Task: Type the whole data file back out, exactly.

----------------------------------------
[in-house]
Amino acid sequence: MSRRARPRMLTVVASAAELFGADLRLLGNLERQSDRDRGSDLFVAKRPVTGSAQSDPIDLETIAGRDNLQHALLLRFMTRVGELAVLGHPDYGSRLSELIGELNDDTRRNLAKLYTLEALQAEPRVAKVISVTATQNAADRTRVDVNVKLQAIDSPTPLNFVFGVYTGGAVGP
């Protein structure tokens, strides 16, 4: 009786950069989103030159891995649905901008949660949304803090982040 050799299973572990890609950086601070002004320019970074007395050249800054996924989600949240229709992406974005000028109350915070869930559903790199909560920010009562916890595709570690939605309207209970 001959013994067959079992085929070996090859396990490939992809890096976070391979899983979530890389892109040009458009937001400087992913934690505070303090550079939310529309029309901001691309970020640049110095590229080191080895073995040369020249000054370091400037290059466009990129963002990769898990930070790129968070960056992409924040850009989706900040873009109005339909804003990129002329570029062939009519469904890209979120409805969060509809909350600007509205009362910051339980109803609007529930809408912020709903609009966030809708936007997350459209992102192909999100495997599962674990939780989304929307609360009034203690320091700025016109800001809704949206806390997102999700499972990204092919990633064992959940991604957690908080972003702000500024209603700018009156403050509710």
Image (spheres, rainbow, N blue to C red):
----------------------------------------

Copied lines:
[in-house]
Amino acid sequence: MSRRARPRMLTVVASAAELFGADLRLLGNLERQSDRDRGSDLFVAKRPVTGSAQSDPIDLETIAGRDNLQHALLLRFMTRVGELAVLGHPDYGSRLSELIGELNDDTRRNLAKLYTLEALQAEPRVAKVISVTATQNAADRTRVDVNVKLQAIDSPTPLNFVFGVYTGGAVGP
């Protein structure tokens, strides 16, 4: 009786950069989103030159891995649905901008949660949304803090982040 050799299973572990890609950086601070002004320019970074007395050249800054996924989600949240229709992406974005000028109350915070869930559903790199909560920010009562916890595709570690939605309207209970 001959013994067959079992085929070996090859396990490939992809890096976070391979899983979530890389892109040009458009937001400087992913934690505070303090550079939310529309029309901001691309970020640049110095590229080191080895073995040369020249000054370091400037290059466009990129963002990769898990930070790129968070960056992409924040850009989706900040873009109005339909804003990129002329570029062939009519469904890209979120409805969060509809909350600007509205009362910051339980109803609007529930809408912020709903609009966030809708936007997350459209992102192909999100495997599962674990939780989304929307609360009034203690320091700025016109800001809704949206806390997102999700499972990204092919990633064992959940991604957690908080972003702000500024209603700018009156403050509710």
Image (spheres, rainbow, N blue to C red):